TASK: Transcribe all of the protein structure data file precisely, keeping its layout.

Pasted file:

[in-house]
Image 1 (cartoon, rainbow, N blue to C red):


[in-house]
Image 1 (cartoon, rainbow, N blue to C red):